"Did this surprise us? No, because we've been watching since Sept. 11," said Betsy Leondar-Wright, communications director for United for a Fair Economy. "While the rest of us were worrying about terrorism and mourning the people who died, the CEOs were maneuvering their companies to take advantage of fear and changing oil supply, not just for competition but for personal enrichment."

The top profiteers after 9/11 were the CEOs of United Technologies ($200 million), General Dynamics ($65 million), Lockheed Martin ($50 million), and Halliburton ($49 million). Other firms where CEO pay the last four years added up to $25 million to $45 million were Textron, Engineered Support Systems, Computer Sciences, Alliant Techsystems, Armor Holding, Boeing, Health Net, ITT Industries, Northrop Grumman, Oshkosh Truck, URS, and Raytheon.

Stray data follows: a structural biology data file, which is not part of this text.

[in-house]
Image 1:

While Army privates died overseas earning $25,000 a year, David Brooks, the disgraced former CEO of body-armor maker DHB, made $192 million in stock sales in 2004. He staged a reported $10 million bat mitzvah for his daughter. The 2005 pay package for Halliburton CEO David Lesar, head of the firm that most symbolizes the occupation's waste, overcharges, and ghost charges on no-bid contracts, was $26 million, according to the report's analysis of federal Securities and Exchange Commission filings.

"Those examples take the cake, especially because it's all related to their government contracts, which is money straight out of the taxpayer's pocket," Leondar-Wright said.